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Jimi Hendrix did so much in such a short period of time that it is difficult to comprehend from this distance the effect he had on a popular music scene that had never seen anyone remotely like him. The three official Hendrix studio albums – “Are You Experienced?,” “Axis: Bold as Love” and “Electric Ladyland” – are must-haves for anyone interested in the history of rock music. But so much of what we now accept as the Hendrix canon is composed of collections crafted and released after his death that it can be difficult to know what to collect beyond those three original albums.

Here are my picks for the best of the posthumous bunch. These all help to fill in the blanks and paint a portrait of Hendrix as a brilliant and restlessly creative artist who was just getting started when he died.

“First Rays of the New Rising Sun” (MCA). Hendrix was deep into the creation of what would have been his fourth studio album when he died. “First Rays of the New Rising Sun” would not see release until several decades after Hendrix’s passing, but unlike so many of the posthumous releases, this one worked as an album and was boldly suggestive of the direction Hendrix was moving in – toward a torrid hybrid of rock, soul, funk and psychedelia.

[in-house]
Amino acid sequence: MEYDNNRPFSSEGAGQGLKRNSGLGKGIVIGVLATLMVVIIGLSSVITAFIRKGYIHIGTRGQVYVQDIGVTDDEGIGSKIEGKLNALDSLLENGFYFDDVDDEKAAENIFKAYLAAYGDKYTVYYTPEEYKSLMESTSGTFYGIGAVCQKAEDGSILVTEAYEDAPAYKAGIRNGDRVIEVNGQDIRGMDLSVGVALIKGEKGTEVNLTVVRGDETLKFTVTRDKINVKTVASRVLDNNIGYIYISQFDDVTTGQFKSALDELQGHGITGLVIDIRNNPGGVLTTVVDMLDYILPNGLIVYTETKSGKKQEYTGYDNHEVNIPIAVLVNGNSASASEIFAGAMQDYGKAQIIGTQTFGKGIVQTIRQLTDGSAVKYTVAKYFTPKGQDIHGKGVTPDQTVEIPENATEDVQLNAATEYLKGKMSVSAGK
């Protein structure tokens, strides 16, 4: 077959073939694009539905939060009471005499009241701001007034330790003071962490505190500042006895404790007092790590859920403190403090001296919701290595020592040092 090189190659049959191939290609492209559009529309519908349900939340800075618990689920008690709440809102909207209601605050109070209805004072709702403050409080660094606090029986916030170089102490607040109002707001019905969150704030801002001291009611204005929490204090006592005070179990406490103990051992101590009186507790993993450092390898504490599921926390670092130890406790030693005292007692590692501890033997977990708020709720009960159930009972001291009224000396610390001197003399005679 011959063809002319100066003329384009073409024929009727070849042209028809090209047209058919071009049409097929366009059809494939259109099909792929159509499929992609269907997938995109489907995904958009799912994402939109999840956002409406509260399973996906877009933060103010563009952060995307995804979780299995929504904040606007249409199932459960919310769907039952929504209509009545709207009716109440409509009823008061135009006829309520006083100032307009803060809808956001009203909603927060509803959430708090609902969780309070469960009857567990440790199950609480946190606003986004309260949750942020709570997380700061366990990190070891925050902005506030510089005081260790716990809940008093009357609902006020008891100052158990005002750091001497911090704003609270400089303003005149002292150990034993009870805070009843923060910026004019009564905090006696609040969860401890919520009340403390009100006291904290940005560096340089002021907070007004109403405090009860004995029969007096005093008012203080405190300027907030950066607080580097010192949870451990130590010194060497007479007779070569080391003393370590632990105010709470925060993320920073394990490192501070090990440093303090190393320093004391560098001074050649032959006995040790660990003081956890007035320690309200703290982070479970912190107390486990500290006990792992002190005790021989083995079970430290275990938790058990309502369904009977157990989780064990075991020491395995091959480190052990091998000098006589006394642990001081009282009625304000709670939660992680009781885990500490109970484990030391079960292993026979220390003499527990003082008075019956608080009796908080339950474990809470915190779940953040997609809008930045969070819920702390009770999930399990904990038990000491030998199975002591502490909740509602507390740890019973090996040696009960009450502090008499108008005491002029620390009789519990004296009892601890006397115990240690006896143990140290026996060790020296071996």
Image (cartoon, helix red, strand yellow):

“Miami Pop Festival” (Legacy). A live document representing the Hendrix Experience’s May 18, 1968, gig at the Miami Pop Festival. This newest addition to the posthumous Hendrix canon is raw, blistering, occasionally out of tune and absolutely indispensable as a document of the high-decibel voodoo this band dished out during its brief but incendiary existence. If any additional proof was needed that Hendrix was an otherworldly electric alchemist, well, here it is.

“Hendrix in the West” (Legacy). A posthumous live album originally released in 1972, and again in 2011, this is compiled from concerts at the Royal Albert Hall, the Isle of Wight Festival and a pair of California shows. It should have been a mess, due to its rather scattershot, grab bag approach. But, in fact, the album boasts some of Hendrix’s finest playing, particularly during a scintillating 13-minute run through “Red House.”

– Jeff Miers